Tablet-based participatory syndromic surveillance at Simhashta festival in India

How to Cite

Diwan, V., Hulth, A., Manickam, P., Balagurusamy, V. V., Agnihotri, D., Parashar, V., Pathak, A., Sahu, K., & Mahadik, V. K. (2018). Tablet-based participatory syndromic surveillance at Simhashta festival in India. Online Journal of Public Health Informatics, 10(1).


Objective: To develop, test and study tablet-based participatory syndromic surveillance system for common infectious disease conditions at community level in Simhashta religious mass gathering in Ujjain, India, 2016.
Introduction: Infectious disease surveillance for generating early warnings to enable a prompt response during mass gatherings has long been a challenge in India 1,2 as well as in other parts of the world 3,4,5. Ujjain, Madhya Pradesh in Central India hosted one of the largest religious festival in the world called ‘Simhasth kumbh mela’ on the banks of River Kshipra, where more than 50 million attendees came for holy dip during April 22 to May 21, 2016. The attendees included pilgrims (residents and visitors), observers, officials and volunteers. We developed an android application with automated summary reports and an interactive dashboard for syndromic surveillance during the gathering.
Methods: We established the participatory surveillance at all 22 sectors of the festival area, and at 20 out-patient hospitals and 12 pharmacies. We trained 55 nursing and social work graduate trainees to collect data from all these settings. The data collectors visited designated spots daily during a fixed time and collected age, gender, residence and self-reported symptoms from consenting attendees during the festival period. The application automatically added date, time and location of interview to each record and data was transmitted to a web server. We monitored the data in the interactive dashboard and prepared summary report on a periodic basis. Daily summary report of self-reported symptoms by time, place and person was shared daily evening with the festival surveillance authority.
Results: Of the total 93,020 invited pilgrims, 91% participated in the surveillance. Almost 90% of those were from outside the festival city, 60% were men and 57% were aged 15 to 44 years. Almost 50% of them self-reported presence of at least one symptom. Most frequently reported symptoms were dehydration due to heat (13%), cold (13%), fever (7%) and loose stool (5%). During the festival period of over one month, surveillance data indicated increasing trends of self-reported cough and fever and declining trends of self-reported dehydration (Figure-1). The designated public health authorities for the festival did make use of the information for appropriate action. This tablet-based application was able to collect, process and visualise around 2500 records per day from the community without any data loss.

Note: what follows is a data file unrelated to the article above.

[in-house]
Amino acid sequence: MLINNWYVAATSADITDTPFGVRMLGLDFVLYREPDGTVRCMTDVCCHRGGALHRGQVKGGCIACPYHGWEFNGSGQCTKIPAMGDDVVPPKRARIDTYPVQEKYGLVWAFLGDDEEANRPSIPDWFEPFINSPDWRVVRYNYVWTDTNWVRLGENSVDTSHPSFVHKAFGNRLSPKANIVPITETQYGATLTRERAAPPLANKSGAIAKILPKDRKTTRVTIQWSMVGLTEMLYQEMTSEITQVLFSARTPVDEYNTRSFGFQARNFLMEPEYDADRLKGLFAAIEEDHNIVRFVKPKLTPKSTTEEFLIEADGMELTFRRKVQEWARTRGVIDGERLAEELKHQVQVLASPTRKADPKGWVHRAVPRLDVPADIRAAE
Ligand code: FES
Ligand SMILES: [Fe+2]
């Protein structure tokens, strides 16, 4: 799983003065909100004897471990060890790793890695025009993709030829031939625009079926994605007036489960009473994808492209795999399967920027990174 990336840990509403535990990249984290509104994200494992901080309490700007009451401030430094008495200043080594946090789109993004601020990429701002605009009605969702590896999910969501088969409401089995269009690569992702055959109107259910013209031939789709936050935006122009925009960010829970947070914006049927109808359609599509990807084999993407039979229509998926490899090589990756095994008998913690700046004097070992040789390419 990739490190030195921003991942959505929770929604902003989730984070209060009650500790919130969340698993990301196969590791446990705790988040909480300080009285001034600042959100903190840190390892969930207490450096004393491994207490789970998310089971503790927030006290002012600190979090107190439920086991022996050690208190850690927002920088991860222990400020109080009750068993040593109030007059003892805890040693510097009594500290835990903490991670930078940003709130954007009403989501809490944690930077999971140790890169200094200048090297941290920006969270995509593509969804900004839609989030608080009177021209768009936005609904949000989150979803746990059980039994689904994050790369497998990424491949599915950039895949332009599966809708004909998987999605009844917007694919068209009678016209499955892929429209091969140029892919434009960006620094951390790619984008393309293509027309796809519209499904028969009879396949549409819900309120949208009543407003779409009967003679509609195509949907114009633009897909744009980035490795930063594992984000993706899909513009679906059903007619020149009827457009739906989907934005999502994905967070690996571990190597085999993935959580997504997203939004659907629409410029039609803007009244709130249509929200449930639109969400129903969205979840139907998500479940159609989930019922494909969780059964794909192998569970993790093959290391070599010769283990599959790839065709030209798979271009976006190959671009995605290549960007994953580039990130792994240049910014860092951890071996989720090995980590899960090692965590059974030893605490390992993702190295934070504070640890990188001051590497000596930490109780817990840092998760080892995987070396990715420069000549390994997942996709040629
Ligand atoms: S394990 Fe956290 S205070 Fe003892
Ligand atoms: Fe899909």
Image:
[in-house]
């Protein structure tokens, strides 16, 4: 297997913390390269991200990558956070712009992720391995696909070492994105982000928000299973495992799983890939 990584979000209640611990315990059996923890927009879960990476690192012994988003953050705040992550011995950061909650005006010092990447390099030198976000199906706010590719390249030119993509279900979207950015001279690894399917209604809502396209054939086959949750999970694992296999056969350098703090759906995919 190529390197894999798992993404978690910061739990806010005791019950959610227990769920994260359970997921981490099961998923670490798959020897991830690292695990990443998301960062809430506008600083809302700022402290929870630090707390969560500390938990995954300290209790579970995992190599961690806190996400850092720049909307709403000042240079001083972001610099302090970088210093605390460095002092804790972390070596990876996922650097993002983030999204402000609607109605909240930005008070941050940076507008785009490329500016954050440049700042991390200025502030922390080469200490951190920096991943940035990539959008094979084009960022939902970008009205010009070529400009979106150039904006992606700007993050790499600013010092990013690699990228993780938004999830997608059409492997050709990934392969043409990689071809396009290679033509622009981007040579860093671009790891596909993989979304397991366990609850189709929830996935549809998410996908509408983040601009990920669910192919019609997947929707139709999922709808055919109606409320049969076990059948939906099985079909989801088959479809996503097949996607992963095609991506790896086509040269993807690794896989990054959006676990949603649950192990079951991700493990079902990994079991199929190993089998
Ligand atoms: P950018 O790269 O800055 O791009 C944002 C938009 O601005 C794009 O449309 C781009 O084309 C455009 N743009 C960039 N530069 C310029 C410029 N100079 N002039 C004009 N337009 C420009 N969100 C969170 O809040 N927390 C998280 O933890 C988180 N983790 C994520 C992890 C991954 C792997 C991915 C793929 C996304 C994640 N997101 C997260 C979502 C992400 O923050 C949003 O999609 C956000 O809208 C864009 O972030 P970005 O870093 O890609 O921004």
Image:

Conclusions: To our knowledge, this is the first report from India documenting real-time surveillance of the community using hand-held devices during a mass gathering. Despite some implementation issues and limitations in the approach and data collected, the use of digital technology provided well-timed information avoiding tedious manual work and reduced a good amount of human resources and logistics involved in reporting symptoms with a traditional paper-based method in such a large population. In retrospect, the main utility of the surveillance output was that of giving reassurance to the officials, as no major outbreaks occurred during the event. We believe that this experience and further analyses will provide input for the establishment and use of such a surveillance system during mass gatherings. The team of investigators propose improving the methods and tools for future use.
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